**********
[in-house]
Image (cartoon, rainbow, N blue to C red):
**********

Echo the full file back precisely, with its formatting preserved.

[in-house]
Image (cartoon, rainbow, N blue to C red):